Beechwood is the National Cemetery of Canada and is the home of the National Military Cemetery of the Canadian Forces, National RCMP Memorial Cemetery, the Ottawa Police Service Memorial Cemetery, the CSIS Cemetery and many more organizations and religious groups. Beechwood has been proudly serving Canada since 1873. Beechwood Funeral, Cemetery and Cremation Services is owned by The Beechwood Cemetery Foundation and operates on a not-for-profit basis. The Beechwood Cemetery Foundation was created for the purpose of safeguarding Beechwood’s future and increasing public awareness of Beechwood, as well as the important historical persons buried within it.

About the Juno Beach Centre

Juno Beach logoThe Juno Beach Centre (JBC) is a permanent memorial to all Canadians who served during the Second World War. Built by veterans on the stretch of beach in Normandy, France, where 14,000 Canadians landed on D-Day, it serves as a museum and cultural centre that tells the story of Canada’s contribution to the Allied victory while giving international visitors a glimpse into contemporary Canadian culture. The Juno Beach Centre Association is the registered Canadian charity that operates the Juno Beach Centre.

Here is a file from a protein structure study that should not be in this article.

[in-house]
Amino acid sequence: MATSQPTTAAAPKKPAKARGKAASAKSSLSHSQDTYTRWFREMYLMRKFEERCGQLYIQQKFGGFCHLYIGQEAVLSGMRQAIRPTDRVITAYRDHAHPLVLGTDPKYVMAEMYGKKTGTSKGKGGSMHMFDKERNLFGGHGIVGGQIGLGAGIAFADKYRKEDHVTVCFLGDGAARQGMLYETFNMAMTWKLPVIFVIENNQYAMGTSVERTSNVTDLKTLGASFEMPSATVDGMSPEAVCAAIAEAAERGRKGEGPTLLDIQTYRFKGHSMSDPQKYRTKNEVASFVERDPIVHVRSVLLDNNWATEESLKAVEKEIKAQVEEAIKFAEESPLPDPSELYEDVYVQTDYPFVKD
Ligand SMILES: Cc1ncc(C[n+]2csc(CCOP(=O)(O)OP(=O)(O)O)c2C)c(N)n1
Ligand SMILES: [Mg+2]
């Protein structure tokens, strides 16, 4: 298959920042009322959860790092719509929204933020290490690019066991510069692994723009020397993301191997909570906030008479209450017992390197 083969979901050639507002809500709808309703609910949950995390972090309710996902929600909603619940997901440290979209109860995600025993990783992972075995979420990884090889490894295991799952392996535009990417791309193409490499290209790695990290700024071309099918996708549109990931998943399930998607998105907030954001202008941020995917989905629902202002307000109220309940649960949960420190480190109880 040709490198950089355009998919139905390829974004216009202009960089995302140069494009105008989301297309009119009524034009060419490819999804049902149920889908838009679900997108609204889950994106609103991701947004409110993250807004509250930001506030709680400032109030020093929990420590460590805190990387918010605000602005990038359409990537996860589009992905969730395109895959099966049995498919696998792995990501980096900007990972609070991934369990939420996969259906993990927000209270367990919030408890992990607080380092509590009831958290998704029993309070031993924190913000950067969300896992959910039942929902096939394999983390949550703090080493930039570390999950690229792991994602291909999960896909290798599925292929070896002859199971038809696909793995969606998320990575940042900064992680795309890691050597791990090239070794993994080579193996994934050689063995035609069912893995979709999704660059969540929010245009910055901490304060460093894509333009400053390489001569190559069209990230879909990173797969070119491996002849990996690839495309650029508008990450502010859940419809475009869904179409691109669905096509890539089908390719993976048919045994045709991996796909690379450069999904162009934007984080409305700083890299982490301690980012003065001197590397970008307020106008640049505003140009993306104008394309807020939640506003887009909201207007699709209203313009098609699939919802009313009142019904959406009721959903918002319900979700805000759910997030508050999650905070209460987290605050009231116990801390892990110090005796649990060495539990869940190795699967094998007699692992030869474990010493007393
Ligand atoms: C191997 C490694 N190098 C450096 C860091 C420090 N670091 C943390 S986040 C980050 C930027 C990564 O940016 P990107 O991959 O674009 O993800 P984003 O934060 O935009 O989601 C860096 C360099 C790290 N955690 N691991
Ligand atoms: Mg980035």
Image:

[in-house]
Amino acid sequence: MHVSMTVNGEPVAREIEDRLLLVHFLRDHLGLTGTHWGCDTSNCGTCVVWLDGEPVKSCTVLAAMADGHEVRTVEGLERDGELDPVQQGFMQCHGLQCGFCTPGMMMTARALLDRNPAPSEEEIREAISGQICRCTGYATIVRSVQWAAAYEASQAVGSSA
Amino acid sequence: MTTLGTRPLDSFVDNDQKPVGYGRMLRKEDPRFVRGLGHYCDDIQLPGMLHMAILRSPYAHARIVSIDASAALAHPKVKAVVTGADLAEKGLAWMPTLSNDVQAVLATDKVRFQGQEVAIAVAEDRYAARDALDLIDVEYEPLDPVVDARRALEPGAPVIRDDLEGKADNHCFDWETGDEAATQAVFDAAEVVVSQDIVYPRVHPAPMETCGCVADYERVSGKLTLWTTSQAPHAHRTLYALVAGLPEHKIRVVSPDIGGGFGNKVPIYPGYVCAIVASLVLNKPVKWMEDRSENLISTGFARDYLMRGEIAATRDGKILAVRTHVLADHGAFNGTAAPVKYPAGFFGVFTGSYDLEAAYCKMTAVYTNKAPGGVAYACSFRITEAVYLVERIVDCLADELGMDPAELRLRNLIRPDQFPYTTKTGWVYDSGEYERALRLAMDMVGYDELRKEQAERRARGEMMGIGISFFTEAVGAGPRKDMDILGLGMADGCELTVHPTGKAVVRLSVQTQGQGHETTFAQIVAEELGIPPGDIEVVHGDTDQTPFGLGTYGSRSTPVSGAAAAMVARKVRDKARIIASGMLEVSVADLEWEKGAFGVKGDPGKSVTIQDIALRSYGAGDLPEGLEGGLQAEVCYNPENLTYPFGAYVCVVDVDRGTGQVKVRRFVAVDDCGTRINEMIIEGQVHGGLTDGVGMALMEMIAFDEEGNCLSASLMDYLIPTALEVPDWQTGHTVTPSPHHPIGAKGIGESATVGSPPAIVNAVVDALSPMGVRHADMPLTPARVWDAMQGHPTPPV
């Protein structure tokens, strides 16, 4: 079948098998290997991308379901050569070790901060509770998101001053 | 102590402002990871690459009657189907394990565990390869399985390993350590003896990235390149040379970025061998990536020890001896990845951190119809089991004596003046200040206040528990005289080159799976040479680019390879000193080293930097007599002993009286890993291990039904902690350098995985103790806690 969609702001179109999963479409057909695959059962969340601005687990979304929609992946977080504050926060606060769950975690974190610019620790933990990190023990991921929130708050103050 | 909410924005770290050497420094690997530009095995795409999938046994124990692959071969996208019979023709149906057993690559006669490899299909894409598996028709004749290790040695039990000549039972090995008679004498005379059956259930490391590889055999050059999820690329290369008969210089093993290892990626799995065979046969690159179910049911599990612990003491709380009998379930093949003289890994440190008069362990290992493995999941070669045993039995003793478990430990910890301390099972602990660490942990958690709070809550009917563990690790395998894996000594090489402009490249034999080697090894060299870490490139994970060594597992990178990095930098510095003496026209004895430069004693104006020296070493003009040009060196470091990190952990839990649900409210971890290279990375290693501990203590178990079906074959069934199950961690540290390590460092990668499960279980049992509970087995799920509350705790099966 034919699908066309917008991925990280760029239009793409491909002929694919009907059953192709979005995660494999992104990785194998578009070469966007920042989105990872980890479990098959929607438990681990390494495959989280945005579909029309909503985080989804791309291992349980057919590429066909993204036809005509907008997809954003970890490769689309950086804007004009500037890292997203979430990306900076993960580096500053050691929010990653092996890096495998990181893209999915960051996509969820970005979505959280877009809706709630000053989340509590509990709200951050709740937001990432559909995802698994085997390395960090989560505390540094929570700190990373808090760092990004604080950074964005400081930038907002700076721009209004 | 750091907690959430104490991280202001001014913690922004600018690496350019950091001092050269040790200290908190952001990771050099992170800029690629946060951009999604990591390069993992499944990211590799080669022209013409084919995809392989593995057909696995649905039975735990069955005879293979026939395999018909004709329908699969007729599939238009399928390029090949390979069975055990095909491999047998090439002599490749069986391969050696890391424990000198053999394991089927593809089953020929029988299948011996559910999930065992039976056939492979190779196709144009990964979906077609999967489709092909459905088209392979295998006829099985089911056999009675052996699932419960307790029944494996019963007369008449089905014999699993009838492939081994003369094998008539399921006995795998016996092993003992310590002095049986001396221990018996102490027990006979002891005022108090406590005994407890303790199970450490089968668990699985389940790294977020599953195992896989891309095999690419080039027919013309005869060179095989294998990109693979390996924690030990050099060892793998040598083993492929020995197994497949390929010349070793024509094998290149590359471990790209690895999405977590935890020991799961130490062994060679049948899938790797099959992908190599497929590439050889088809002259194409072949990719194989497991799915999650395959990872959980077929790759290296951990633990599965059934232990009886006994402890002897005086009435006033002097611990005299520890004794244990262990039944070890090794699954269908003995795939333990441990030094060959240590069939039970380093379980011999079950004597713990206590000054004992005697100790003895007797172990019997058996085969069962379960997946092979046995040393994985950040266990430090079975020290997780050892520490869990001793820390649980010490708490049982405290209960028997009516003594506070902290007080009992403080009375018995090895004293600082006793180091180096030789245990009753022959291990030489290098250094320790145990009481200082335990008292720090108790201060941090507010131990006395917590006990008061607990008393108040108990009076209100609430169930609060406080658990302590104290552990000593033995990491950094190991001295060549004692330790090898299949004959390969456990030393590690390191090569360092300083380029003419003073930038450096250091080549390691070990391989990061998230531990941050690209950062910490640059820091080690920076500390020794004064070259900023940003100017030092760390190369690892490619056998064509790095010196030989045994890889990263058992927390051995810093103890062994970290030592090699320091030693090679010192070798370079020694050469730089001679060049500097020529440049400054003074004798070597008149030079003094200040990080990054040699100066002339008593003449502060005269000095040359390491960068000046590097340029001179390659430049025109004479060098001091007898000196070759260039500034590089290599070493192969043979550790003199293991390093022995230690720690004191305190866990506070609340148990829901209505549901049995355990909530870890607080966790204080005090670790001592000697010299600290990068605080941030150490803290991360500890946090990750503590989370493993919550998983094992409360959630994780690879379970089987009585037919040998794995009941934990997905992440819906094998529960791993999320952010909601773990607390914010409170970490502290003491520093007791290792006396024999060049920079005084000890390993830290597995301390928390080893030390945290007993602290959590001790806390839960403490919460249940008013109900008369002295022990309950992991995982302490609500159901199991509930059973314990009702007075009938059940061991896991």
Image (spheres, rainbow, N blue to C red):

About the No Stone Left Alone Memorial Foundation

No Stone Left Alone LogoNo Stone Left Alone Memorial Foundation is dedicated to honouring and remembering Canada’s veterans through our unique ceremony which provides students and youth with an authentic experience that creates knowledge, understanding and appreciation of those who serve and of the sacrifice of Canada’s fallen. Each year students across Canada honour over 60,000 veterans by placing a poppy on their headstones, and the movement continues to grow – with the goal that one day there will truly be no stone left alone.


Media Contact :

Kate Carlson

Media Relations, Juno Beach Centre Association

905-466-4500 |

Alternate Contacts:


For Beechwood Cemetery:

Nicolas McCarthy 

613-696-0112 |

For No Stone Left Alone:

Michelle Koch 

780-218-8804 |